Department of Mechanic Arts receives the benefit of the best instruc- In this department, which represents tion of these well-organized departments. the practical side of technical education, He here receives the necessary mental an effort is being made to impress on the training which fits him for the work in student the great importance of a knowlengineering mathematics which he re- edge of shop processes and methods, not ceives in the College of Civil and Me- only as regards the actual working of chanical Engineering. Special attention metals, but also as regards general shop is paid to the wants of engineering stu- systems. The college shop of the past dents in these various allied departments, laid all stress on manual training; and as a result, students went forth wholly In the earlier portion of his work, he ignorant of many things of great impor- makes drawings of machine parts, and tance to an engineer, a knowledge of from these drawings makes patterns in which would have greatly decreased his the pattern shops, moulds these patterns period of probation in practice. While in the foundry, and machines the castmanual training is and must always re- ings in the machine shop. These exermain the backbone of such a shop course, cises give him an opportunity to become much less stress is laid on it than for- familiar with the relation of the drawing merly. Particular attention is paid to system to actual work in the shop. giving the student an insight into the In the Junior and Senior years, he reprinciples underlying economic produc- ceives the more advanced instruction in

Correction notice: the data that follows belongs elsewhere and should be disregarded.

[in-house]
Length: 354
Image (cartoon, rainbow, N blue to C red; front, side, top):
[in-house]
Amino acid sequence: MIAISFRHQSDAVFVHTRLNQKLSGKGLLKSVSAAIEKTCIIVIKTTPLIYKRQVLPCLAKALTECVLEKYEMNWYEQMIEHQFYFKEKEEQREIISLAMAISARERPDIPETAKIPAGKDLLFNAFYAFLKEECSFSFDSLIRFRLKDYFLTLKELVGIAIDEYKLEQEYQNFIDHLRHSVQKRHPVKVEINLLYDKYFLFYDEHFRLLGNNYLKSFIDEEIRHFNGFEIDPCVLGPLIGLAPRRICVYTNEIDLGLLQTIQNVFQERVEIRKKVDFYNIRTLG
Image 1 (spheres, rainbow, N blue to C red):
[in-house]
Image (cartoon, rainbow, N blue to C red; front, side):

tion, the duplication of parts, cost, wage Machine Design, and the application of systems, and kindred subjects, without the principles acquired by lectures and which the engineer can never attain his recitations to the design of more compligreatest usefulness.
cated machines. This course culminates
in the Senior year with the complete deDepartment of Machine Design
sign of a steam engine or other equally Recognizing the great importance to important machine. Throughout the the engineer of an ability to make and whole course, an effort is made to bring read good commercial drawings, the in- before the student modern methods and struction in drawing is given under the systems of drafting-room practice. direction of this department to all students, from the Freshman up to the Jun
Department of Steam Engineering ior year, thus insuring a logical and con The work of this department begins structive treatment of the subject and en- with the Junior year, when a course in abling the student to work under a well- steam machinery is given. This course defined system during his entire course. treats of the elementary theory of heat